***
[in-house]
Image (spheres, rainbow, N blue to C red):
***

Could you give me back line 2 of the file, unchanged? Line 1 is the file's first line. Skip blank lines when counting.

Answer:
Image (spheres, rainbow, N blue to C red):